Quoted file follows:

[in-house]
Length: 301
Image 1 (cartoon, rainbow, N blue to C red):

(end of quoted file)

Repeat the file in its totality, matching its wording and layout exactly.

[in-house]
Length: 301
Image 1 (cartoon, rainbow, N blue to C red):